Savannah City Council skeptical of new stadium recommendation

Published: Oct. 2, 2014 at 10:13 PM EDT|Updated: Nov. 1, 2014 at 10:13 PM EDT
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SAVANNAH, GA (WTOC) - If you build it, they will come.

That was the takeaway from Johnson Consulting's $55,000 taxpayer-funded study of whether Savannah needs a new baseball stadium downtown.

But the City Council isn't so sure.

Hardball Capital, the owner of the Sand Gnats minor league baseball team, is planning to take the team to Columbia, S.C. unless a new stadium is built or massive upgrades are made to the gnats' home field, Grayson Stadium.

Columbia already has promised to build a multi-million-dollar taxpayer-funded stadium, and Hardball has promised to have a team there by April 2016.

They could buy a team, but Hardball CEO Jason Freier said that possibility becomes slimmer the more time passes without the city committing to building a new facility or making upgrades to Grayson that Freier -- and Johnson Consulting -- believe wouldn't bring the economic benefits a new stadium would.

"There will not be a team at Grayson long-term," Freier said. "It has gotten to a point that it's nearly impossible for us to function there."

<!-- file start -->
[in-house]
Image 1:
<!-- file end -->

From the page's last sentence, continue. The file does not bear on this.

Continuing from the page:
Johnson Consulting showed the city polls Thursday with an overwhelming majority of responses supporting using taxpayer dollars to build a new stadium.

City Council members weren't convinced.

"Everyone I talk to is talking about, 'Where are my taxes going?'" District 3 Alderman John Hall said.

The consultants admitting that they have no way of knowing who responded to the online survey or how many times they responded.

The City County bristled.

"You have a poll that has no validity," At-Large Alderman Tom Bordeaux said.

Another issue for city leaders was the consultants' estimated $35 million price tag.

That estimate didn't include the cost of buying the land on the eastern end of River Street where the consultants propose to build the stadium.

"Who's thinking that we're going to build a $35 million stadium at Savannah River Landing without buying the land?" District 6 Alderman Tony Thomas asked.

On its website, Johnson Consulting has a long list of city and county governments that have hired them to do stadium studies.

In an interview he consulting firm's Sports Project Manager, Brandon Dowling, said the firm, to his knowledge, never has recommended a government decide not to build a minor-league baseball stadium.

"Not any that we've worked on," Dowling said.

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